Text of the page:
Petrostates must plug $9 trillion revenue hole

By Dominic Ellis
Tightening climate change policies and transitional shifts to electric mean petrostates must diversify their economies quickly...

The 40 leading oil and gas producing countries face losing 46% of their oil and gas revenues - a shortfall of $9 trillion - according to a new report from Carbon Tracker. 

Beyond Petrostates: The burning need to cut oil dependence in the energy transition calls on petrostates to act now to reduce their dependence on oil and gas revenues, by cutting public spending, raising new taxes, and restructuring their economies. 

It reads as a wake-up call to petrostates and international policymakers who have based their planning on industry and OPEC forecasts that demand for oil will increase through to 2040, and a long-term price of $60 a barrel or higher.

Over 400 million people live in the 19 worst affected countries where declining fossil fuel revenues could see total government income fall by at least 20%, leading to cuts in public services and job losses. 

Half live in Nigeria, where a 70% drop in oil revenues would cut total government income by a third. Angola, home to 33 million, could lose over 40% of government income. Worldwide, all oil producing countries risk collectively losing $13 trillion by 2040 compared with industry expectations, a 51% drop.

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Report author Mike Coffin, senior analyst oil, gas & mining said: "It’s in the interests of all nations to minimise global temperature rises and this means rapidly reducing our use of fossil fuels. But many countries are heavily reliant on oil revenues – the time to act on rebalancing their economies is now. Waiting for demand to fall will be leaving it far too late."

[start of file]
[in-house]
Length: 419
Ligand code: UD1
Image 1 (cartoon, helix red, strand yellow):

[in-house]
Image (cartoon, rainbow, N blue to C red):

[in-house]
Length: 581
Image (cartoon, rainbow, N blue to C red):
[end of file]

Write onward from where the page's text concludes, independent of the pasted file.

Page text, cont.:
Andrew Grant, head of climate, energy & industry and co-author said government oil revenues will shift dramatically as the market shakes out during the energy transition. "Understanding the scale of the challenge and which nations are most vulnerable will help policymakers focus their efforts. Cushioning the landing for hundreds of millions will deliver better outcomes for both climate and human development," he said.

Embracing renewables

It warns that continuing to invest in new oil and gas projects risks creating stranded assets and wasting capital that would be better spent on developing sustainable new industries.

Petrostates will minimise losses if there is an orderly wind down of production, with global supply falling in line with decreasing demand and falling oil prices. If they go it alone and seek to monetise their existing reserves while they can, oversupply is likely to destroy value for all, with falling prices quickly outweighing the benefit of increased production.

Many petrostates are already adopting measures to try to bridge the expected hole in their finances. Several Middle Eastern countries have introduced value-added taxes and, with countries like Nigeria, Angola and Iran, taken steps to reduce subsidies. Wealthy gulf states are investing in industries like renewable energy and tourism. 

Many countries facing the biggest shortfalls are also among the poorest, have young and rapidly growing populations with least capacity to adapt their economies.

The international community can help the most vulnerable countries, for example by supporting the development of new technologies, offering technical assistance for regulatory and tax reform, and providing capital.

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